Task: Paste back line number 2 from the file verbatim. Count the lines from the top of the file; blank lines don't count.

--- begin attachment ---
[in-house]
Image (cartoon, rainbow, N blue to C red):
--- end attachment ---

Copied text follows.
Image (cartoon, rainbow, N blue to C red):